Advertisement
YOU ARE HERE: LAT HomeCollections

New Roses for an Old Garden : Descanso to Rejuvenate, Upgrade Aged 5-Acre Site

June 20, 1991|MARTHA L. WILLMAN | TIMES STAFF WRITER

The Descanso Gardens Guild plans to replace the popular but aged rose beds at Descanso Gardens in La Canada Flintridge with colorful gardens portraying the history of roses.

Thousands of diseased and dying rosebushes, many 40 years old or more, will be uprooted and discarded in an 18-month project to rejuvenate the famed five-acre rose garden.

The guild, a 5,000-member support group, launched a campaign Friday to raise $1.5 million for the project, to begin in November. More than $250,000 has already been pledged, said Gail Boatwright, guild president.

Renovation of the rose garden is the second phase of a plan to upgrade and expand the 165-acre, county-owned former estate of newspaper publisher E. Manchester Boddy. The thousands of roses, camellias and native plants, most planted in the 1940s, attract more than 170,000 visitors each year.

The guild last year completed the $350,000 first phase of the renovation by expanding a pond into a 1 1/2-acre lake, complete with a waterfall and nesting areas that provide a bird sanctuary.

More than 4,000 rosebushes representing every species in the world will be planted in the new garden, expected to be finished by spring, 1993, Boatwright said. Unlike most public rose gardens, which display plants in formal rows and patterns, the Descanso garden will feature 17 different, informal themes chronicling the history of roses from their earliest medieval cultivation through the European Renaissance to modern times.

"It will not be just a pretty garden, which it will be," said project designer Steven Smith of Lawrence R. Moss & Associates of Montrose. "It will be a comprehensive international garden, superior to anything known in California."

Scenes will include a garden of all white roses, a Children's Secret Garden with a hidden maze and miniature roses and benches, the Mission Garden featuring a fountain in a courtyard, and Josephine's Garden, honoring Empress Josephine, wife of Napoleon Bonaparte and well-known for her love of roses.

The project is one of the most ambitious to be undertaken at a public park in the country, public officials and botanists said. Many of the rare species in the existing garden will be saved and replanted in the new garden, Boatwright said.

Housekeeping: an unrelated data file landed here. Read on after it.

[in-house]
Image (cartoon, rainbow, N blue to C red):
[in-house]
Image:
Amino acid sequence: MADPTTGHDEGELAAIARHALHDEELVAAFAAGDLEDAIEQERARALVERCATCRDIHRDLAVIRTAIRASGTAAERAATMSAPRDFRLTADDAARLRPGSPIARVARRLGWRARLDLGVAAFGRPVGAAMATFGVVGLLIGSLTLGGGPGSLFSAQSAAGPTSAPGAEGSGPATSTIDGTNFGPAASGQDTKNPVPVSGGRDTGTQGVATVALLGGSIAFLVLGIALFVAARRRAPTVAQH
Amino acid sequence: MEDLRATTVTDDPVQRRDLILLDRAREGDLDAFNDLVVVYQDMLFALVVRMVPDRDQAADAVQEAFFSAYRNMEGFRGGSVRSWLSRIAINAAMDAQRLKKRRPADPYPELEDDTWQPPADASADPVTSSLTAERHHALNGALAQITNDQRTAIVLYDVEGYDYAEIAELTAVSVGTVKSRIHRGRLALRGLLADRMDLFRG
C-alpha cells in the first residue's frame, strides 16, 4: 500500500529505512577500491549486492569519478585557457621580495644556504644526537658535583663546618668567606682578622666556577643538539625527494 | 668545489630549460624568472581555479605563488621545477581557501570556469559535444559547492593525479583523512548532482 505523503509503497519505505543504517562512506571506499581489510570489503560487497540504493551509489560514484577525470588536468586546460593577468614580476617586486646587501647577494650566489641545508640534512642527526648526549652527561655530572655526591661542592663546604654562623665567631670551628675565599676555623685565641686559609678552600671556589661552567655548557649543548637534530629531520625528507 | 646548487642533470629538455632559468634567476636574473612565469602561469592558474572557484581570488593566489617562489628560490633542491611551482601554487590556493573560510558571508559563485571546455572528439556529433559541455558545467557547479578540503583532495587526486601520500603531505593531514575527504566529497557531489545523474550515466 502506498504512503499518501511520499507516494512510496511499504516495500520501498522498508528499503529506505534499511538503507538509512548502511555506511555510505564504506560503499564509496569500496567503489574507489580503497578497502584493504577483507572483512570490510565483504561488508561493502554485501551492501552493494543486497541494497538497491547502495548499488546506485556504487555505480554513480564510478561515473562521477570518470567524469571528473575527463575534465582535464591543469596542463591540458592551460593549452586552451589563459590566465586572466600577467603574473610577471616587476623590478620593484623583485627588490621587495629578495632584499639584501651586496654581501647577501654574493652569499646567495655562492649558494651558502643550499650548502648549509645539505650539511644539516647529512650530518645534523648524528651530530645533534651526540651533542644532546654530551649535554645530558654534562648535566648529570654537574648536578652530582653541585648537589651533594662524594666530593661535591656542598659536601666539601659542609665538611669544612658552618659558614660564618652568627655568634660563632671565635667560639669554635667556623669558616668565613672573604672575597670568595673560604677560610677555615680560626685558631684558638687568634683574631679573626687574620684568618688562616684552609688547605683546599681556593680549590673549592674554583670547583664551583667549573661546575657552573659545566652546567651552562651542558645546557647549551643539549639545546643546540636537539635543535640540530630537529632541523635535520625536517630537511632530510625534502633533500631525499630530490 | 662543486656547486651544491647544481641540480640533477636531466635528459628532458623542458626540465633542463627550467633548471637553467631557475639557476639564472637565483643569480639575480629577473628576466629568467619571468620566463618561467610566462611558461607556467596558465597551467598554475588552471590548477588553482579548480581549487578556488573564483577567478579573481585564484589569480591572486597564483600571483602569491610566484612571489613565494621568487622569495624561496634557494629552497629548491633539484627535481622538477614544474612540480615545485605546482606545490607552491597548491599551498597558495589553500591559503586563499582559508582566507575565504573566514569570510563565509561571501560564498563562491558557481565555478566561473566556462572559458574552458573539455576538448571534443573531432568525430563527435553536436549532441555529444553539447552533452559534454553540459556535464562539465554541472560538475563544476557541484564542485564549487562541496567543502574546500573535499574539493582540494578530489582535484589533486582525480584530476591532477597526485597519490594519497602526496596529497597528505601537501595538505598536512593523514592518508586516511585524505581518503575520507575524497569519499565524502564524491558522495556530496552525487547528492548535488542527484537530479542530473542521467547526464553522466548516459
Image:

An open-air educational pavilion for flower shows, classes and other events will be the focal point of the garden, which also will feature thousands of annual and perennial flowers, trees and shrubs.

The renovation is needed because the soil has been depleted of nutrients since the garden was planted in 1948 and the bushes and vines have been ravaged by exposure to full sunlight, Boatwright said.

The old soil will be replaced with new topsoil. A drip irrigation system will be installed to conserve water.

The garden will feature a serpentine roadway, bridges, streams, fountains and other water elements. Trellises, arbors and archways will reflect different architectural influences and provide protection to plants, Smith said. A Braille trail will also be incorporated in the project.

Tom Carruth, research director of Weeks Roses, an Upland breeder and hybridizer, said the Descanso garden will be similar in size to the Portland Rose Garden, considered one of the best in the nation, and larger than other famous gardens in Tyler, Tex., and Chicago.

Susan Moreland, spokeswoman for the American Rose Society, said the Descanso garden has shown unusual longevity without renovation. The society is renovating the 118-acre garden at its headquarters in Shreveport, La., planted since 1974.

"Roses mature and don't produce as well," Moreland said. "They are damaged by the weather, by the same type of things that happen with a yard at home." She said more than 5,000 rosebushes in 60 gardens at the society headquarters are being replaced in an 18-month project.

Despite criticisms from visitors to the garden during the renovation period, she said volunteers from the 18,000-member organization were quick to raise the needed $75,000 in materials. "We had $80,000 in donations three months before our goal," Moreland said.

Smith said the redesigned Descanso rose garden will present "a relaxed, informal setting, much in the style of the Descanso Gardens area." He said the new gardens will be "less maintained, with bushes even growing in brambles along stream beds." Volunteers and designers have spent almost two years developing the plan.

Advertisement
Los Angeles Times Articles
|
|
|